Mirroring the past glory

Mirroring the past glory

Historic palace converted into a hotel

Mirroring the  past glory

The entrance hall of Falaknuma Palace

Nearly 120 years ago, the palace whose name translates to ‘a mirror in the sky’ hosted  royal guests such as King Edward VIII and last Russian Tsar, Nicholas II. But, the awesome-looking palace, nestling amid manicured gardens, became out of bounds and remained in disuse from 1911. Nearly a century later, after 10 years of restoration work involving 800 workers, the Falaknuma has opened its doors to the public, in its new avatar as a luxury hotel in Hyderabad.

For a cool Rs five lakh, the guests can stay a night in the Nizam suite of the plush hotel in the Old City which has 15 exquisite suites, each with a different
décor, as per the tastes of its original occupant, the Seventh Nizam. Perched atop a 2000 feet high hillock, some five km from famed structure of Charminar in Hyderabad, the palace is laid out in the shape of a scorpion with two stings spread out as wings on northern side. A rare blend of Italian and Tudor architecture, the palace, spread over 9,39,712 sq m, is paved with Italian marble.

An English-architect designed palace took nine years for completion way back in 1880s. Records show that Sir Vicar Ul Umra Bahadur, who was the Prime Minister of Hyderabad and Amir of Pigah, laid the foundation-stone on March 3, 1884. He later moved into Gol Bangla and Zanana Mahal of the palace to closely monitor the finishing work at the Mardana Portion.

The Nawab was a frequent traveller and his taste for good and expensive articles and designs is reflected in the construction of the palace. A major highlight of the palace is the reception room, with its ceiling decorated with frescoes and gilded reliefs. The ballroom contains a two-ton, manually operated organ, said to be the only one of its kind in the world.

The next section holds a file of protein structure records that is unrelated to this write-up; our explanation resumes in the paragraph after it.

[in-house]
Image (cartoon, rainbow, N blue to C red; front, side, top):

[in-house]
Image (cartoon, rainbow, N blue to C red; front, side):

The original palace had 220 lavishly-decorated rooms and 22 spacious halls. It has some of the finest treasure collections of the Nizam. Falaknuma houses a large collection of rare treasures including paintings, statues, furniture, manuscripts and books. The jade collection of the palace is considered to be unique.

Table for 100 guests

Dining table The famed dining hall of the palace could seat 100 guests on its dining table. The furniture was very aesthetic. The chairs were made of carved rosewood with green leather upholstery. The tableware was gold and crystal. The library at the palace, with its
walnut carved roof, a replica of the one at Windsor Castle, had among the finest collections of the Quran in India.

The ground floor of the palace housed the living quarters. A marbled staircase leads to the upper floor. Carved balustrades supports marble figurines with candelabra at intervals.

The Falaknuma has other unique things to its credit. It includes the largest collection of Venetian chandeliers. It is said that it took six months to clean a
138-arm Osler chandelier and the palace has 40 such chandeliers adorning the halls. The telephone and electrical system was introduced in 1883 and the palace has one of the largest electrical switchboards in India.

In 2000, the Taj group started developing the palace on the 32-acre land. Original material, such as limestone was used in the renovation. The carpets that would pave the rooms were dyed (by Intach and Shroff Carpets) 300 times to get the desired
texture and colour. Artefacts such as the 101-seat royal dining table, the writing table used by the Nizam and a custom-designed musical orchesterone, said to be among the only four such in the world, are on display. The guests can also witness the palace’s many firsts - India’s first petrol pump, its first GE refrigerator and the first attached bathroom. Another attraction would be the Billiards room with a cue signed by the Nizam.

Princess Esra, the Turkish first wife of the eighth Nizam, Prince Mukarram Jah Bahadur, took an active interest in making the Chowmohalla complex in the Old City the hub of cultural and literary activities and restoration work of Falaknuma. Esra, who is legally divorced from Mukkaram Jah but manages his properties, lives in London. She is known to nurse the ambition of restoring to the city its famed ambience of art and culture.
But the luxury is not cheap. A royal suite in the hotel will cost Rs five lakh a day. For commoners, lesser suits are available at daily tariffs upwards of Rs 30,000.

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